Upon seeing the trailer for “The Intern,” I knew eventually this would be a film I’d venture to purchase upon its release. Out of all the films arriving on DVD I’m the most excited about this feature. The film focuses on a retired businessman, Ben (Robert De Niro), who takes an internship for an online fashion site run by career-driven Jules (Anne Hathaway). While I have enjoyed features of Nancy Meyers in the past, “The Holiday,” “It’s Complicated,” and “Something’s Gotta Give,” there is something about “The Intern” that appears fresh and full of new-found wit for all audiences. And John Beifuss appears to agree with these sentiments. Mr. Beifuss writes that “The Intern” is “It’s a work of unwavering optimism with an uncompromised pro-career-woman message, and I found it refreshing.” However, James Berardinelli disagrees and feels that “in terms of comedic and dramatic content, The Intern is hit-and-miss. Notions about ageism and corporate prejudice against female CEOs are grazed but not explored in a meaningful or compelling way.” While the opinions certainly differ, I’m interested to form an opinion of my own. And with a 60% fresh rating among critics and 76% fresh rating among audiences, “The Intern” appears to be a safe bet for at least a rental. However there is always Netflix or Amazon Prime if there is still an uncertainty about any purchase.
“Straight Outta Compton”
“Straight Outta Compton” is a story that anyone who enjoys hip hop should partake in viewing. The film focuses on the emergence of the group NWA and explores the upbringing of living in one of the most dangerous cities in Los Angeles, California, Compton. Audiences get a front row seat for the group that revolutionized the hip hop culture and paved the way for all future rap and hip hop music by merely being honest about their personal lives. Though due to stereotypes of the time this was easier said than done. There were not many people in power who particularly cared for the truth that was being spoken about the lifestyle that Dr. Dre, Ice Cube, or Easy-E had to endure at the time. Furthermore, there weren’t many people who viewed rap as a true art form as others are prone to do so today. Richard Brody insists that “the core of the story is business, the object is power, and the quirks of desire and twists of the unconscious are given no place in the struggle-which the movie sharply carries ahead to the present day.” However, Donnell Alexander writes that “despite ‘Straight Outta Compton’s’ energetic acting and Gray’s capture of in-studio Eureka! moments, it never manages to transcend biopic hagiography.” While there aren’t many biographies that transcend into something more than a mere biopic, with a 88% fresh rating among critics and 93% fresh rating among audiences “Straight Outta Compton” is one of those films that would be worthy of a rental. However, if you’re a true fan of the genre or any of these rappers, something tells me this would also be a safe purchase as well.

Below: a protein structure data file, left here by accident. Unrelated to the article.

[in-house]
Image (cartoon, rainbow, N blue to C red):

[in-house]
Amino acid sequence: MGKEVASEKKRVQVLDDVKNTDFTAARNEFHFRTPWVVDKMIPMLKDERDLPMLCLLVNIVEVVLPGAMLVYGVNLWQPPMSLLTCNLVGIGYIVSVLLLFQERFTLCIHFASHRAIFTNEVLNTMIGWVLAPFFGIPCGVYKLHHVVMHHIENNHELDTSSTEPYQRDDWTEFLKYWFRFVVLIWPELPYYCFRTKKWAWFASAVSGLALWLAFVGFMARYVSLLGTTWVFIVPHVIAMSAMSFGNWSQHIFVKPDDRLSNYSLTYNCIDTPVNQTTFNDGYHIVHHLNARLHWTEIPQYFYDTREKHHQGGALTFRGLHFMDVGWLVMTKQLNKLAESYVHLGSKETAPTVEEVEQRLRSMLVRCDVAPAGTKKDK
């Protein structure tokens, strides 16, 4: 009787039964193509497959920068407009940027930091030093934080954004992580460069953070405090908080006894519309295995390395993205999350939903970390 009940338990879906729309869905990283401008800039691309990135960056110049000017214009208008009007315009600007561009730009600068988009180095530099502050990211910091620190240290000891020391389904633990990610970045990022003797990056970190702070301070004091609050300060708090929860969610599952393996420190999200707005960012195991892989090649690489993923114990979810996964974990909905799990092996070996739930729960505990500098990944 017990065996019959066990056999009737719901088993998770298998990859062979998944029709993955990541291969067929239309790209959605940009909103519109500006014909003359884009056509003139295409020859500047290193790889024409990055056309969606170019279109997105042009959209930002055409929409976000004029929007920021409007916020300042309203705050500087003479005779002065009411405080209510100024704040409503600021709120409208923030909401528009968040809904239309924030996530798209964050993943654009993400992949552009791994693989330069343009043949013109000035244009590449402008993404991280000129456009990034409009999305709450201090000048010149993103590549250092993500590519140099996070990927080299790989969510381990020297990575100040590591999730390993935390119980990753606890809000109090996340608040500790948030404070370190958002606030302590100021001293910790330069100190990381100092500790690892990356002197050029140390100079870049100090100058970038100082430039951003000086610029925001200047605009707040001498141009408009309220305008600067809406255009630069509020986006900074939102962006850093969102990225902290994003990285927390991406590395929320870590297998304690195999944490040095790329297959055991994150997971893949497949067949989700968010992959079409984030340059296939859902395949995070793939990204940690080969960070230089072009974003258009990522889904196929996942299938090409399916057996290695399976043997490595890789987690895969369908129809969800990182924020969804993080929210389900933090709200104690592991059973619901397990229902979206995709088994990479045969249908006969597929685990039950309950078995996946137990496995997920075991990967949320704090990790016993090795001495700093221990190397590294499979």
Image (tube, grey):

Finally, other films out this week include: “Jem and the Holograms,” “Learning to Drive,” “Stonewall,” “The Diary of a Teenage Girl,” and “The Stanford Prison Experiment.” Please keep in mind, if you are interested in renting any of these films, make sure to check out this title through Videodrome, Netflix, Redbox, or on demand channels provided by your cable or satellite provider. To purchase any Blu-rays or DVDs mentioned in this article please check out your local Austell Best Buy, Walmart, Target, or Kmart.